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Forget “fail fast, fail often”, do these 3 things to scale your startup successfully

It’s an exciting time to be a startup of any size in Melbourne; we’ve got a number of innovative companies clustering in Cremorne and other inner-city areas, a lot of industry growth and increasing employment opportunities.

We like to refer to MYOB as one of the original startups – and having been around for 25 years, we’ve learned from the challenges of scaling a concept from a handful of employees to thousands, and building new products in an increasingly competitive market. Regardless of your size, industry or customers, these are the three things I believe every startup should focus on for scaling successfully.

Empathise with your customer before you sell to them

The number one thing that unites successful startups is a high level of customer empathy; really understanding the customer’s problems and being customer-led in decision-making. Founders need to intimately understand the customer’s problems before they try to solve them, and investing the time and research into this at the outset will ensure any products or services that are developed is in response to the customer’s problems, not based on assumption.

It’s important to note that empathising with your customer isn’t a “set and forget” approach. Your product offering should grow with your customer, not be delivered to your customer. Delivering value to customers early, working in innovative ways and really listening to customers should always be your first priority as a business and will enable your teams to identify opportunities for new products or services before your customers (or competitors) do. Setting clear customer success metrics that tie back to your overall mission is a good way to ensure all teams are working to the same customer-led outcomes and understand the customer relationship.

Invest in the right people and culture from the get-go

As the old saying goes, culture eats strategy for breakfast every day – although I’d argue that cultivating a strong culture is itself an incredibly important strategy. Being able to attract really high calibre people matters enormously to creativity and innovation, and then making sure they’re all working together and are aligned to the same goals will maximise that potential.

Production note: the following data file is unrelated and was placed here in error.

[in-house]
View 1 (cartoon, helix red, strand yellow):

As the business grows, keeping a startup mentality while being able to leverage the benefits of scale is important. Keeping teams aligned in a business of 500 people will naturally be more difficult than a team of 5, but it also offers up new opportunities for team development, cross-functional collaboration and optimising processes. For instance, we’ve got very high standards for hiring at MYOB, which can be challenging when we need to hire quality talent – last year, we added more than 100 people in our development teams! To address this, we created a program called Future Makers that’s based on the agile mindset but also to help us attract new talent in the organisation. The response has been overwhelmingly positive so far; engagement in our engineering and product development teams has jumped over the past 18 months since we’ve rolled the program out, and we’ve got much stronger technical leadership across the business.

Encourage accountability and trust

Startups live and die by their results, so it’s crucial that everyone in your business understands the impact of these results and is aware of the role they play in achieving them. Working with an agile mindset is critical to drive growth and scale, but this mindset requires a culture of trust, of continual learning and the ability to break big problems into small problems and delegate them accordingly.

Accountability goes both ways; it’s about being proud of what you do and learning when you didn’t do it successfully – and not shying away from the impact of that. Rather than the oft-touted phrase ‘fail fast, fail often’, it’s more about understanding why you didn’t achieve certain goals and learning from them in order to avoid the same mistake next time. When you have people that can have those tough conversations, that can rely on each other, that are aware of their responsibilities and are aligned with other teams to drive the shared vision forward, there’s plenty of room for both the organisation and its teams to grow.

David Weickhardt, General Manager, Product, MYOB.

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David Weickhardt

David Weickhardt

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